Mumbai Cyber Police Shut Down Gay Modi Photoshop

— BuzzFeed deletes homoerotic photoshop of Indian prime minister following legal threats from Mumbai police, highlighting gay rights issues, censorship in India

The doctored image, which depicts Indian PM Narendra Modi embracing his right-hand man Rajnath Singh on an idyllic beach, is one of 18 related images included in a January 4, 2016 BuzzFeed listicle by Imaan Sheikh, “18 Modi Photoshops That Should’ve Never Fucking Happened.”

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On Wednesday, that number mysteriously dropped to 17.

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In a comment, a spokesperson for BuzzFeed said:

BuzzFeed India removed the image in question after receiving a notice from the Mumbai Police alleging defamation.

It’s not the first time police in Mumbai have tried to censor the homoerotic photoshop.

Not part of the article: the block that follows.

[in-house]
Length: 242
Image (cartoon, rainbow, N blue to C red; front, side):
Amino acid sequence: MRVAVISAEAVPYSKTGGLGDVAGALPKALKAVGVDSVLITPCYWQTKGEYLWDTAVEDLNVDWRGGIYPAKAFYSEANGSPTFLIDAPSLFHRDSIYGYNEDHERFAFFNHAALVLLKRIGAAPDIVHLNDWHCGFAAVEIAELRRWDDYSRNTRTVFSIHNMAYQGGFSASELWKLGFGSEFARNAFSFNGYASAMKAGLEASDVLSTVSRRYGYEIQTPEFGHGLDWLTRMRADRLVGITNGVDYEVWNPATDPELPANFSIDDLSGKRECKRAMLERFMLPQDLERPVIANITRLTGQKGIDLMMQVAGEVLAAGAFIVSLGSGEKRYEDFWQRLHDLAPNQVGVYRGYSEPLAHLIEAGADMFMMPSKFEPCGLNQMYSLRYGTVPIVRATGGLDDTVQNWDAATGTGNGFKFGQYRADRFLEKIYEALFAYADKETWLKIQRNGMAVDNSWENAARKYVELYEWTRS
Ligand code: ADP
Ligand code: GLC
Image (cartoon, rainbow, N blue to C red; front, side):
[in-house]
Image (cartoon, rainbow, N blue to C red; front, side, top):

In November, Mumbai’s cyber crime department ordered Google to block the allegedly “defamatory morphed/vulgar photos” as published on BuzzFeed, Facebook, Twitter, and others, on the basis that the offending images were intended to “create UNREST, BREACH of PEACE which might result in LAW & ORDER problems in Maharashtra, India.”

The department also demanded that Google hand over personal information about the creator of the photos, including mobile phone numbers, e-mail and IP addresses. 

Via the Lumen Database, which archives online takedown requests:

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As of publication, all but two of the flagged Facebook links are still searchable using Google.

There’s no evidence Google possesses or handed over any of the requested personal information.

Homosexuality is a taboo subject in India. A colonial-era law still in force today, Section 377 of the Indian Penal Code, forbids “carnal intercourse against the order of nature”—that includes gay sex—with offenders facing fines and up to 10 years in jail.

India’s home minister, who is depicted as Modi’s beau in the gay beach photoshop, previously said he supported Section 377 because “we [referring to the Bharatiya Janata Party, which is chaired by Modi] believe that homosexuality is an unnatural act that cannot be supported.”